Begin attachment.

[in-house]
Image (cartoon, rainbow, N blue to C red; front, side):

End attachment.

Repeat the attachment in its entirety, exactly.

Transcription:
[in-house]
Image (cartoon, rainbow, N blue to C red; front, side):